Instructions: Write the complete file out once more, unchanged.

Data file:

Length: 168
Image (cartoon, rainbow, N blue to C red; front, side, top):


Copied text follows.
Length: 168
Image (cartoon, rainbow, N blue to C red; front, side, top):